And I don't think it makes sense to expect the memoir vs. fiction dynamic in comics to look any different than it does everywhere else in publishing: Memoirs, whether or not they come with pictures and word balloons, sell. (This truth is not lost on writers of fiction. A novelist friend muttered to me once, seeing his book on the remainder table, "I should've called it This One Time Daddy Yelled At Me, Boo-Hoo: A Memoir.")

"It's Like Harry Potter. Except, Instead of Spells, There's Cancer."
Turns out, Stitches wasn't nominated in the non-fiction category, alongside bios of Cornelius Vanderbilt and Mithradates. It, like Yang's American Born Chinese before it, was nominated in the Young People's Literature category.

Mmmmyeah. A little background on Stitches: It's a sad, unsettling and ultimately harrowing chronicle of being raised by unthinking and uncaring parents. It's dark, and not dark in the funny, Roald Dahl/Lemony Snicket sense; it's dark in the Oops I Gave Our Son Cancer -- Let's Not Tell Him! sense. Small recounts how he eventually rescues himself, yes, and the book's central message is the life-affirming power of art. But one of the things I didn't mention in the review is how much the abject psychological horror of the book's closing passage has stayed with me.

If Stitches is a kid's book, expect to see Last Exit to Brooklyn on Reading Rainbow any day now.

But glancing at the other nominees, it's clear that "Young People's Literature" doesn't mean young kids. No, it's a confusing publishing term meant to stand in for "Young Adult," an entirely different confusing publishing term. And when you consider the kind of cheery fare we've historically foisted upon our teens - A Separate Peace, Diary of a Young Girl, Old Yeller, A Tree Grows in Brooklyn, Bridge to Terabithia, and other tearjerkers you wouldn't feel comfortable lending to a prisoner on suicide watch - Stitches seems less of an outlier.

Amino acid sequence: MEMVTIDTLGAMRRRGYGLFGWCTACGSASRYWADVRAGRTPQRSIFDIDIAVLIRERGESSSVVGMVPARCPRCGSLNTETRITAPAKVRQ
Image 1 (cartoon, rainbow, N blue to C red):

"It's Just Like That Time Homer Entered that Nuclear Plant Design Contest For Kids!"
The other thing to keep in mind is that was the book's publisher, Norton and Co., who submitted the book into that category for consideration.

Curious why they'd do that? So was the publishing industry blog Galleycat, who called up the Norton publicist.

"We always intended to submit Stitches in the young people's category. We knew it would appeal to a YA audience as well as an adult audience," she told them.

But book blogger Colleen Mondor wasn't buying it:

How about they always planned to enter it in [the young people's literature category] because they thought they had the best shot there? Would a graphic novel memoir hold up in the adult category against more traditional heavy hitters like Fordlandia and The First Tycoon? This is only the second graphic novel to make it to the finals and the first one was - yeah, you know it already, in the YP category. Looks like hedging your bets to me.

Mondor and several of her commenters like Stitches as a book just fine; what they don't like is how its presence on the NBA's young adult list means that some other book - a book that WAS written expressly for the teen audience - didn't get nominated.

I tend to agree with that, because even if Norton's intentions were true, it looks to the casual viewer as if they shunted the book to the YA category either because they believe comic = kids' book, or because they cynically regarded the category as the dumbed-down Celebrity Jeopardy! of publishing.

But then, I'm biased: Stitches is one of the best books I've read this year, and I think it could easily stand up to those big-boy books in the non-fiction category. And take 'em.

We'll find out next month if Stitches cleans up like Andy Richter or goes down in flames like Wolf Blitzer. In the meantime, Small can rest assured that his book will receive the thoughtful consideration it deserves, because we comics nerds have got one of our own on the inside.

One of the judges in the Young People's Fiction category this year: Gene Luen Yang, author of American Born Chinese.